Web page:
Search JTA's historical archive dating back to 1923


May 20, 1934
See Original Daily Bulletin From This Date

Taken on the basis of sheer story interest alone, Louis Golding’s latest novel, “Five Silver Daughters” (Farrar and Rinehart), is one of the most fascinating that I have read in a long, long time. If you thought “Magnolia Street” delightful reading, as it was, you have in store for you a far richer treat.

“Magnolia Street” was pleasant reading, although it stayed among the people of one street in the poorer part of an English provincial city, obscure, unimportant men and women out of whom Mr. Golding created characters whose daily affairs and whose destinies seemed vital, when not merely picturesque. If the book had a defect, and it wasn’t so subtle a defect it could be ignored, it was that there was more than a touch of racial exhibitionism in it, as if Mr. Golding were saying: “See how interesting and picturesque and human we slum Jews can be?” There was a little bit of a Fannie Hurst gurgling in “Magnolia Street.”

Therefore, I opened “Five Silver Daughters” with a little misgiving and the misgiving seemed justified for the first hundred pages or more, although these pages were none the less interesting in story content. The action of this book starts in an humble home on a street paralleling Magnolia, Oleander street, in the home of an obscure tailor named Silver, who has a wife and five daughters. But as the book moved on it gained in interest, in reality, in momentum, in sincerity, in rich social documentation and in human interpretation of the documents, until there were times I almost had to tear myself away from it. And, when finally I came to Page 513 and to a conclusion which may be called happy, I was disappointed that the fascinating tale was ended.


“Magnolia Street” was interesting in spite of the fact that it stayed on Magnolia street; “Five Silver Daughters” is interesting, to put it at its mildest, because it ranges over half the globe, and because for every daughter there is a husband or a lover-and in some cases both-so that a most intricate web of relation is spun from that nondescrip house on Oleander street.

With Susan and Boris Polednik, her husband who becomes a Soviet Comissar, we enter Russia in the sealed car that brought Lenin through Germany and witness, on an intimate, rather than panoramic, scale what happened. I regard that passage in the book wherein Susan revisits her mother’s people in Terkass as one of the most moving sections in the book. Mr. Golding manipulates the long arm of coincidence to intensify the pathos of the situation, but that manipulation will be forgiven him for the consummate situation he has made out of it.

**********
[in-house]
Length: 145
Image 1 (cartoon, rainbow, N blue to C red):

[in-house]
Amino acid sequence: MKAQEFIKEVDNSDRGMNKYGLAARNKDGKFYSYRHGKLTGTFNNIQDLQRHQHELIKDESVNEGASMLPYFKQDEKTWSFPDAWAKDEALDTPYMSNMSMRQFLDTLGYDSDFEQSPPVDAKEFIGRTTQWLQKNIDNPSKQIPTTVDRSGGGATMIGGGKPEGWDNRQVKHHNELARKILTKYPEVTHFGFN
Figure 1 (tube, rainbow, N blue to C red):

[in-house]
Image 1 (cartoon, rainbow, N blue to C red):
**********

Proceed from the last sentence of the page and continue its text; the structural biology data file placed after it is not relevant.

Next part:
With Elsie and her husband, Lord Robert Malswetting-an abured name-we visit the flashy, rotten Riviera, and with Elsie and her lover, the Jew-hating Oskar von Straupitz-Kalmin, we visit Berlin during its inflation saturnalia, in which chapters Mr. Golding gives us a fascinating heap of social data, data of perversion and panic pleasure, when Germany was living in that hectic flush which suggests the approach of death.


With Sister May is linked the conscientious objector, the clerk-like mystic Harry Stonier, in a union of minds which outlasts the union of any other couple in the book, while Esther, the eldest, is so much the boss of the show, that one has not the vaguest recollection of her pedestrian Joe, while Sarah is pre-eminently the matriarch sister, wife of the most fantastic of the lot of husbands and ###?vers, Alexander Smirnof.

If “Five Silver Daughters” were ###?erudely sewn-together combination of five separat enovelettes, it would be interesting. But it is an integer, drawing sustenance from the separate interests evoked by the separate fates. Smirnof and Polednik are involved in as thrilling a covenant of hate as any novelist has pictured and with them is involved Straupitz-Kalmin and in the working out of that feud is involved the fantastic fortunes of Sam Silver, who began life, so far as this novel is concerned, with a 50-pound note won in a Dutch lottery which he paid over for a raincoat shop of old Horowitz who wanted the money so he could rest his bones in Palestine. In Smirnof there is a suggestion of the company promoter Kreuger and it isn’t until near the end, at that momentous meeting in the Berlin cafe, that his motivation becomes clear.

There are improbabilities in “Five Silver Daughters” but if there are improbabilities in life, as there are, why may not a novelist make use of them? And the fact is Mr. Golding has made use of them in a more workmanlike manner than life itself usually does.

Recommended from JTA